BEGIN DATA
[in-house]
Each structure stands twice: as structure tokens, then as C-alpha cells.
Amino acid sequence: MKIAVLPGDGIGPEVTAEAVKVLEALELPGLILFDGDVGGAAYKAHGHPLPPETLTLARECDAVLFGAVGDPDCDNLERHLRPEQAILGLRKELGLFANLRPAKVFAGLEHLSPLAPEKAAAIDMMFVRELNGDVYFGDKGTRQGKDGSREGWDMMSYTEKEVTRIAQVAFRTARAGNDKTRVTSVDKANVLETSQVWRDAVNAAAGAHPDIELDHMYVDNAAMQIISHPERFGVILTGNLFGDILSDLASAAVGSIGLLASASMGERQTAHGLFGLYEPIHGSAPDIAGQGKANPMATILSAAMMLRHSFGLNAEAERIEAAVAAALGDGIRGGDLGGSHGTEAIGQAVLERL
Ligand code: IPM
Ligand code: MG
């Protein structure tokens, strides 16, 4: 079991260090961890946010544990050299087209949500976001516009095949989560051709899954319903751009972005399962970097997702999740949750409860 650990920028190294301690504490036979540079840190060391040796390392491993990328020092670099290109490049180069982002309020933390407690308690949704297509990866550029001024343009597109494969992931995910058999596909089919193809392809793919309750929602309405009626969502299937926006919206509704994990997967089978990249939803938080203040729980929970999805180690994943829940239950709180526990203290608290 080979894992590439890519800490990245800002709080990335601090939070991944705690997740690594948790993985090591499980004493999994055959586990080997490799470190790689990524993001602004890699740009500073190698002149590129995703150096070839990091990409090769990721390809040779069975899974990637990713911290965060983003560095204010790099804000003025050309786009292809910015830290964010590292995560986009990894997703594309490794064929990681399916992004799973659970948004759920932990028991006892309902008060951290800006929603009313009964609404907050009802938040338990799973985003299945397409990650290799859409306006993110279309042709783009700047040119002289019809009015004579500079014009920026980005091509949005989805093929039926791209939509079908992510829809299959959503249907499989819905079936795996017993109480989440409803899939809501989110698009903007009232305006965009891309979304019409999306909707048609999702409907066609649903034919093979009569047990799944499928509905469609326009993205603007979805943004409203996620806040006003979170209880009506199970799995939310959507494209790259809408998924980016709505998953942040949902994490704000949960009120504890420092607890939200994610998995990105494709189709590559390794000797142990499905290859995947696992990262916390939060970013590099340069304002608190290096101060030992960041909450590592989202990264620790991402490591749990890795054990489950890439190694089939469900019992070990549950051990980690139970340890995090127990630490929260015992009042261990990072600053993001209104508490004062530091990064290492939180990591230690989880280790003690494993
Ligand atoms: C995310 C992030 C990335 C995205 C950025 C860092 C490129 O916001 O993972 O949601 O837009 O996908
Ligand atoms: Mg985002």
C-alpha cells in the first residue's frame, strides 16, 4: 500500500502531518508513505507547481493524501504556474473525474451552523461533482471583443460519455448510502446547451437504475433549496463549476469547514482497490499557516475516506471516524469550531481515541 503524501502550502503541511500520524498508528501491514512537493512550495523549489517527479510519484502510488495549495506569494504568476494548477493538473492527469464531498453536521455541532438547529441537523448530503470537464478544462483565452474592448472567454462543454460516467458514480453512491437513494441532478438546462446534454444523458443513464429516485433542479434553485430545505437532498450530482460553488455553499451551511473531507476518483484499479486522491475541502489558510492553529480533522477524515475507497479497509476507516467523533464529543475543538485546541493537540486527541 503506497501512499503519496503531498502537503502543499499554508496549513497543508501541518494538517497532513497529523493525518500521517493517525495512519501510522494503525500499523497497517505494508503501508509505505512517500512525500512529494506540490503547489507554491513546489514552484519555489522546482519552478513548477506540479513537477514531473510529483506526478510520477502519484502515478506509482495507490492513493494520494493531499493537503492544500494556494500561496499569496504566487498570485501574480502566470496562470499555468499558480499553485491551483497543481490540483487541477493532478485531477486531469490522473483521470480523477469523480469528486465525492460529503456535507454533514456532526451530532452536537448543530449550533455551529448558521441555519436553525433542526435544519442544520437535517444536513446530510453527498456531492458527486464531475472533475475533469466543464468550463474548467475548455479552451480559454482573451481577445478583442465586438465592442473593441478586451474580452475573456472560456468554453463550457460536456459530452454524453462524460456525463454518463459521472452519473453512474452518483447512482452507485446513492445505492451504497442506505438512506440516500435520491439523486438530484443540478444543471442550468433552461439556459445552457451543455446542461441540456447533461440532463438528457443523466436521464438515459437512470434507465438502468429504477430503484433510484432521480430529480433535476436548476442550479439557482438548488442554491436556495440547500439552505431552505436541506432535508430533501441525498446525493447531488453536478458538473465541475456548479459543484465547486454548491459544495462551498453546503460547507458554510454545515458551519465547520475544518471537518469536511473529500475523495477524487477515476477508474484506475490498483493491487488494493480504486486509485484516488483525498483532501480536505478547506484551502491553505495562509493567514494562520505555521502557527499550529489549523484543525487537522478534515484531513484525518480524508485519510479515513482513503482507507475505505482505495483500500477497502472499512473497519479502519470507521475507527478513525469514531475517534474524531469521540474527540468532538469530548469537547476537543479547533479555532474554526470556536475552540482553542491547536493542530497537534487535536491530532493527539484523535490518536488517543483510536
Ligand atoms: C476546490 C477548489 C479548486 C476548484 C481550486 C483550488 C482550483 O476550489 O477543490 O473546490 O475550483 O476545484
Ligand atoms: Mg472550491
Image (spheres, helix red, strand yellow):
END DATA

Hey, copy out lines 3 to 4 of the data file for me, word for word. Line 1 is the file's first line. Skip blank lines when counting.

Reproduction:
Amino acid sequence: MKIAVLPGDGIGPEVTAEAVKVLEALELPGLILFDGDVGGAAYKAHGHPLPPETLTLARECDAVLFGAVGDPDCDNLERHLRPEQAILGLRKELGLFANLRPAKVFAGLEHLSPLAPEKAAAIDMMFVRELNGDVYFGDKGTRQGKDGSREGWDMMSYTEKEVTRIAQVAFRTARAGNDKTRVTSVDKANVLETSQVWRDAVNAAAGAHPDIELDHMYVDNAAMQIISHPERFGVILTGNLFGDILSDLASAAVGSIGLLASASMGERQTAHGLFGLYEPIHGSAPDIAGQGKANPMATILSAAMMLRHSFGLNAEAERIEAAVAAALGDGIRGGDLGGSHGTEAIGQAVLERL
Ligand code: IPM